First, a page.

University of the Arts London identity

The University of the Arts London has just unveiled its new identity designed by Pentagram. CR talked to the studio’s Domenic Lippa and UAL’s director of communication Dee Searle about the project, and what it means for the university’s six famous art and design colleges

The University of the Arts London has just unveiled its new identity designed by Pentagram. CR talked to the studio’s Domenic Lippa and UAL’s director of communication Dee Searle about the project, and what it will mean for the university’s six famous art and design colleges…

UPDATE: Read CR editor Patrick Burgoyne’s opinion on the UAL identity here

Pentagram began working on the identity project in January, having been approached to pitch for the work in November last year.

The previous UAL identity, created by a team of students and developed by Lloyd Northover in 2004, was based on a constellation device. Each of the six UAL colleges was represented by an asterisk which showed its relation to the others within the capital. In communications material from Central Saint Martins, for example, the college name appeared in red under the UAL name, with its constituent ‘star’ highlighted in the same colour.

 

“UAL decided it need to refresh its strategic and visual identity, primarily because the previous one was done when the university was still young,” says Searle. “And it spoke of separations rather than the value-add you get from six of the world’s top art and design colleges coming together.” (Founded as the London Institute in 1986, the collective of five colleges was granted university status in 2004 and remaned as UAL, with Wimbledon College of Art joining in 2006.)

Lippa also observed that, within UAL, “there was a lack of respect for the identity, it wasn’t working for them,” he says. “They didn’t like what they were using.”

The new identity takes a much simpler typographic approach, rendering the university’s initials in lowercase Helvetica, with a colon acting as the bridge between the main university and its six colleges.

 

“As we were starting from a point of rejection of the old identity, people wanted something to use in a cleaner way, and I think were pleased we didn’t try to over-complicate it and try too hard,” says Lippa. “The temptation is to make something ‘too’ designed.”

(How the previous and new identities work on two examples of literature from different UAL colleges is shown here, above and below.)

As part of the research process, Lippa says the studio carried out interviews with UAL staff, and conducted a comparative study with the identities of several other universities. It was found that the UAL identity didn’t stand out when put alongside those of the other colleges. “If we tried to use it in co-branding, we disappeared as a smudge,” says Searle.

“So we needed to make it bold, robust and authoritative,” says Lippa. “‘The University of the Arts London’ is also a really long visual mouthful. But once we’d established that ‘ual’ was a good simplification for the identity, the colon after the letters became the linguistic link between the UAL and the colleges.”

For Searle, it’s important that the new identity not be seen as a straight-jacket but, she says, “rather as a unifier which lets the distinct characters of the colleges come through. It gives us something quite bold and striking but not dominating. It’s a very practical project and will benefit the work of the colleges. It improves our recognition, our ability to communicate and, so far, it seems to work.”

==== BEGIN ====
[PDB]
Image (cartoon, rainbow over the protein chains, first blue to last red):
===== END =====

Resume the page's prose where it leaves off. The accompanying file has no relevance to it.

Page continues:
The studio apparently looked at colour options but settled on a monochromatic design so that the device can work on a range of internal and external materials. “At Pentagram we always approach it as ‘will it work as a one colour job?’,” Lippa explains. “It’s gone from a seven colour job, to a one colour and that also became a pragmatic by-product of the decision, that the university could save money.”

But in emphasising its own utilitarian character, doesn’t the identity run the risk of being too devoid of personality? Lippa says that it is the work produced within the six colleges that will provide the colour and flair in any communications.

“For me the identity should be a platform for the work of the students and tutors,” he says. “They’re the heroes, their work is promoted in the shows, and that’s how the reputation is built. Other colleges the identity tries too hard to be creative, it’s fighting with the student work. Some of the other routes [we took] had more personality in them, but I was conscious that this had to be something that all the colleges needed to embrace – it’s not a dictatorial design for all to use – the colleges will have their own designers working on it.”

Helvetica was chosen specifically because of its “neutrality,” Lippa says, but also because the typeface is robust enough to reproduce at smaller sizes. While stationery (above) can therefore be treated fairly conservatively, used at larger sizes the type can carry much more impact, as shown on these bags and badges, below.

“With communication products from the university as a whole we’re following the identity quite tightly,” says Searle, “but with the colleges, we’re allowing them to interpret it more loosely: a clear and consistent use of the logo as a minimum. Of course, they all have different personalities, it’s part of who they are. And the reason that someone might choose to study with us, or partner with us, is based on how we express ourselves.”

Pentagram is currently finishing the identity guidelines for the university and designing the main UAL guide for the next term, alongside graduation ceremony graphics.

 

 

 

UPDATE: Read CR editor Patrick Burgoyne’s opinion on the UAL identity here

 

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